Therapists unfamiliar with the Laws of Spinal Motion commonly dig on the bony knots lying deep to the thick layer of paravertebral tissue, thinking they're releasing trigger points or muscle adhesions. Unfortunately, placing downward pressure on already chronically locked joints really hyperexcites joint mechanoreceptors. Prolonged over-approximation of joint surfaces compacts and, in time, degrades the articular cartilage. Tissue damage might stimulate an inflammatory response that hyperexcites the sensitive chemoreceptors. When mechanoreceptors and chemoreceptors "gang-up" and bombard the neuronal pool with continual noxious stimuli, pain-delivering nociceptors fast track the information to the thalamus, gray matter and other cortical centers. The brain usually responds by locking down the area with protective myospasm. Session after session, the therapist digs on the fibrotic knots until the client finally terminates therapy and moves on in search of someone who can help break their pain-spasm-pain cycle.
Fixing the Flat Spot
Since we're dealing with joints that won't open, examination and treatment follow the same side-lying T3-4 protocol discussed in Luke's case, with two exceptions.
When evaluating the dysfunction, begin spinal-groove palpation one segment below the flat spot and proceed headward with client in flexed position performing chin-tucks. So, if your client has a T3 to T7 dorsal dish, begin at T8 and move up segment by segment, assessing and correcting all vertebra and rib problems on the client's right side. Then, roll them over and perform the identical routine on the opposite side.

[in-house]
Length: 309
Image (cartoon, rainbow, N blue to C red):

Once normal vertebral/rib motion is restored, deep-tissue techniques must be performed with the client prone. Standing on the client's right side, reach across and place extended fingers in the lamina groove so you can hook and scoop the spinalis, longissimus and paravertebral fascia medial to lateral. Ida Rolf used to say, "Dig a hole to allow the spine a place to come back to." After you dig the "guy wires" out of the groove and restore left-sided paravertebral muscle extensibility, walk to the other side and repeat the procedure. Once spinal compression and buckling are removed and extension is restored to the dorsal dish, it's time to share a simple home-retraining exercise.
My favorite (of many) is still the "wall press." With the client standing away from the wall, arms extended, ask for a deep inhalation effort and chin to chest flexion maneuvers. To help neurologically reprogram thoracic extensibility, simply tap with a finger at the T5 spinous process as the client inhales and chin tucks. Engaging the respiratory diaphragm helps expand the costal cage front-to-back and side-to-side. This inhalation movement (respiratory enhancer) activates the scalene, which pull up the top two ribs, the pectoralis minor which helps lift ribs 3-5 and the serratus anterior and posterior, which provides a little "bucket-handle" movement through the lower costal cage.
Pain manifests if a rib loses the ability to properly coordinate movement with the rest of the ribs and spine as part of a functional unit. This would be similar to a rowing team where one oarsman uses his oar out of sequence with the group. Altered rib function can cause difficulty breathing, restricted shoulder movement, referred pain to other areas, and reactive muscle guarding.
Additionally, misaligned ribs can pinch intercostals nerves, sending excruciating pain through the length of the rib and, occasionally, the chest wall (the old heart attack scare). Since rib dysfunction is frequently misassessed and, therefore, improperly treated, do your clients a favor and incorporate some spinal biomechanic principles and articular stretching routines into your toolbox of touch.
Click here for previous articles by Erik Dalton, PhD.